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Showing posts from March, 2010

Ode to 8 point construction

It's not everyday that you feel you want to write a blog in praise of your contractors. Part of me worries that if I tell others about how great they are, word will get out and they will get busy and not have time for us. Ken and Henry from Eight Point Construction in Stone Ridge, NY came by yesterday to outline the costs for digging out and putting a concrete slab in the basement. They were really nice about it and although it was a little higher than we had anticipated they did what they could to minimize the cost, or rather maximize the value we got - i.e. use the excavator to remove trees, level ground and maybe (if we can get a permit) remove the beaver dam. That evening we went for Dinner at Hasbrouck House and Ken was there with his wife. When we went to pay the bill, the waiter told us that our dinner had been taken care of by Ken Gore of Eight Point Construction. He had already left (we tend to be on a later dinner schedule than most of Ulster County) so there wa

Waterfront property

This weekend we heard a Wallkill flood warning that named the Springtown Road as one of the possible flooding areas. Flooding likely to be 13-17 feet. At Dejoux House the sump pump in the basement was working overtime but doing a good job of keeping the basement from flooding. When we arrived the water was at 9 ft and the willow trees/ beaver dam were both under water. As the day progressed the water rose slowly but the house seemed pretty secure perched high above the flood waters. At the end of the day we only had about 13ft and the water only reached the spring at the back of the house, still some distance from the wall. The island in the lake was underwater and the field had turned into an island with water all around it but still unflooded. The woodland by the river was a lake.

Oscar speaks - "Where ever you like Perry"

The following is a true story that happened 6 hours after I wrote the previous post 'Oscar and George '. Daniel and I had been asked to measure some of the beams/rafters on the second floor for the HVVA historical society . They were missing a few measurements for their documentation of our historic house renovation. We are hoping they will publish their study soon. The measurements they were missing were - the number of rafters in both the original (1740) and the new (1765) extension. For those that are interested there are 13 large rafters that span in the original house and 5 in the extension. These rafters are between 7 and 9 inches thick and are spaced approximately every 3 ft. All are held together with carved wooden pegs as was the construction method in that period. (Exact measurements of each are being submitted to HVVA for them to publish). As we were measuring these beams we opened all the windows to let the wonderful spring sunshine and air into the h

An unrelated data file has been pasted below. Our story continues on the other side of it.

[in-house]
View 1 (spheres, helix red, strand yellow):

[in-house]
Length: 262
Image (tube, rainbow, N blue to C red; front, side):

Oscar and George

I am intrigued as to how and why two of the most prominent Maitre D' Hotels of New York City, Oscar Tschirky (Oscar of the Waldorf) and George Fiorentino (co-owner of the Colony Restaurant in NY and previous owner of DeJoux House) came to be living less than a mile away from each other in Springtown. If they wanted to (and as far as we know they may have done so on several occasions) they could both stand on their own property and talk to each other across the Wallkill river which acts as their the boundary line. What was the draw to these two men? Was it pure coincidence? Did they know each other from Delmonico's ? Were they friends or was it just the rich farm land and wonderful fresh produce of the area that attracted these later day foodies. I am unable to find any formal connection between these two men, other than their proximity and profession. If we look back to what Springtown was like in the 30's and 40's it is clear that the river was a center of r

Building basements and battling beavers and bugs

Spring has sprung in Springtown. Last weekend Daniel and I decided we would dig the probes under the walls to see how deep the foundations are. We need this for the drawings and rather than ask Ken and Henry (the builders of the story) to do it, we decided we could wield the spades ourselves. We dug three exploratory probes at the base of the stone walls and each time we hit a small ledge of concrete. This concrete was very roughly poured and broke up easily. The base of the stone walls was about 6 inches below this concrete and not far below the level of the existing basement. The foundation stones at the base of the wall look like very big stones - must have taken quite an effort to get them all there. To our horror, when we returned to these holes this weekend they had all filled up with water. Not from the basement but from the ground below. Spring seems to have bought springs with it that spring up everywhere (our basement included) - no wonder they called it Springto